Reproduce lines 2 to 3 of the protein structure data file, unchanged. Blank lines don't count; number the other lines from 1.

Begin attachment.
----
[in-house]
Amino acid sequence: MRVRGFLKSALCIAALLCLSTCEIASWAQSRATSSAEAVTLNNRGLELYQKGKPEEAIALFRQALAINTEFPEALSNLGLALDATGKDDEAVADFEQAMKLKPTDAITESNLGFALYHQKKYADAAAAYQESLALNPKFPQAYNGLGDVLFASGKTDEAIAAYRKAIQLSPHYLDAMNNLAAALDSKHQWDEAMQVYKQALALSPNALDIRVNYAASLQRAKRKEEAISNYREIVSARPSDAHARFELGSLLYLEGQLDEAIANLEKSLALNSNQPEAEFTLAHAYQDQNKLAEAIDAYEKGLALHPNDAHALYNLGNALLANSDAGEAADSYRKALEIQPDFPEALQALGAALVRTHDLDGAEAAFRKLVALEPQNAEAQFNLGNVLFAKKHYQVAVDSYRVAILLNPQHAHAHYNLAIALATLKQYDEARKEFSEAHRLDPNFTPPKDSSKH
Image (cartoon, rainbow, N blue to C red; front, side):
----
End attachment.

Amino acid sequence: MRVRGFLKSALCIAALLCLSTCEIASWAQSRATSSAEAVTLNNRGLELYQKGKPEEAIALFRQALAINTEFPEALSNLGLALDATGKDDEAVADFEQAMKLKPTDAITESNLGFALYHQKKYADAAAAYQESLALNPKFPQAYNGLGDVLFASGKTDEAIAAYRKAIQLSPHYLDAMNNLAAALDSKHQWDEAMQVYKQALALSPNALDIRVNYAASLQRAKRKEEAISNYREIVSARPSDAHARFELGSLLYLEGQLDEAIANLEKSLALNSNQPEAEFTLAHAYQDQNKLAEAIDAYEKGLALHPNDAHALYNLGNALLANSDAGEAADSYRKALEIQPDFPEALQALGAALVRTHDLDGAEAAFRKLVALEPQNAEAQFNLGNVLFAKKHYQVAVDSYRVAILLNPQHAHAHYNLAIALATLKQYDEARKEFSEAHRLDPNFTPPKDSSKH
Image (cartoon, rainbow, N blue to C red; front, side):